Rip Vinyl Records to Your PC




Most of us have a collection of old vinyl records lying around that we never listen to, perhaps because in this day of digital music and iPods, no one wants to hassle with a record player. If you've ever wanted to convert your vinyl to MP3 files or even burn them to a CD for ease of listening, then this instructable is for you!

I also added a short sound clip, so you can get an idea of the sound quality. I didn't run it through any filters, so that's what it sounds like directly off of the record.

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Step 1: Stuff You'll Need

Most of this is pretty straightforward, and you'll have most if not all of what you need lying around. You'll need:

1.) Records
2.) A Phonograph (a.k.a. a Record Player, I'm using a Beogram 8002)
3.) A Phono pre-amp (In my case a Rotel RA-8408X)*
4.) A Stereo RCA Audio Cable
5.) An RCA to Mini-Jack adapter
6.) A Computer with recording software

You can easily pick up records at places like DI and second hand stores, or the like.

If you don't have a Phonograph, you can find them online, in second hand stores, ect.

The RCA cables can be easily acquired at Radio Shack, other electronics stores, or online stores (Monoprice is my favorite)

Pre-amps can be found online, the cheapest one I've found is this one The pre-amp is necessary because of a special equalization curve, called the RIAA EQ curve, that was applied when the record was recorded (RIAA stands for the Record Industry Association of America). The curve limits the lower frequencies and boosts the higher ones. A pre-amp then limits the high frequencies and boosts the low ones, creating a good-sounding replication. If you didn't use a pre-amp, you'd end up with a poor quality recording.

Finally, on to the the computer and software. Basically any computer will do, you just need to have a line-in input, and sufficient hard drive space to store your recorded music. Having a more beefy computer helps with ease of editing and exporting the final product. The software I use is called Audacity, it's free, cross-platform, and open source. Plus, it comes with some handy plug-ins that you can use to clean up your final recording. I'm using the beta, if you're a beta kind of person then go ahead and use that, but for others I would recommend the stable release.

*Recent releases of Audacity include the RIAA EQ Curve (and many other EQ curves) with the Equalization effect by default, so a pre-amp is not necessary.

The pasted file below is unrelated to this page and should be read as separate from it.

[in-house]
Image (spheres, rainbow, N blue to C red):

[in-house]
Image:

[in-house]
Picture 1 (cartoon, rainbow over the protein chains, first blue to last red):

Step 2: Set It All Up

First of all, move your equipment to the place you're going to be doing your recording. Plug your record player into your pre-amp using your RCA cable. Depending on the type of pre-amp, the phonograph inputs may be labeled as "Phono", "MM", or "MC", or other variations. MM (Moving Magnet) and MC (Moving Coil) refer to different types of cartridges used to convert the vibrations of the phonograph stylus into an electrical signal. Make sure you know what type of cartridge your amp has when plugging things in, as MM cartridges produce 5 mV, and MC cartridges produce 0.2 mV. You could damage your pre-amp if the phonograph were plugged into the wrong input. Also, if your phonograph has a ground wire, be sure to connect that to you amp.

Next, find the output of your pre-amp. It may be labeled as "Tape (Rec Out)" or similar. In my case, it's label as "TMONITOR 1". Take your RCA to mini-jack adapter cable and run it from your amp to your computer. You should plug it into the "Line-In" input for your computer, because it will capture stereo signals, and the "Mic" input will only give you mono. Generally, the line-in will be colored blue. Some devices have a start up spike, so I would recommend that you connect it to your computer after you've turned everything on.

That's it, you're all set up to start recording, at least as far as hardware goes.

Step 3: Software and Configuration

If you haven't downloaded Audacity yet, do so now ( Of course, if you have any other preferred software, you can use that as well. However, I'll be assuming that you're using Audacity for this instructable. Go ahead and install Audacity, the default options will do fine. Once installed, go ahead and run it. You might have to configure which input your computer should capture sound from, do this by going to Edit > Preferences and selecting "Line-In" under the Recording section. Also, you should enable "Show Clipping" by going to View > Show Clipping.

Step 4: Cleaning Your Records

To ensure that you get a good quality recording, you should clean off your records before playing them. I use a padded piece of fabric, shown below, with a few drops of cleaning fluid brushed in to clean off my records. If your records are getting pretty dirty or beat up, you can also go to a professional for cleaning. Set your record player to "Turn", so that the stylus doesn't come out and interfere with anything. Then lightly touch the cleaning pad to the record, making sure that in the end you come into contact with the whole record (you can touch a small portion of the pad to the inside of the record, and slowly move the pad outwards, that way there's less friction on the surface of the record). Once they're cleaned, you're ready for the final step - recording!